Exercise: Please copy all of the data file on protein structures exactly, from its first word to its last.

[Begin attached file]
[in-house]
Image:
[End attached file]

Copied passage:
[in-house]
Image: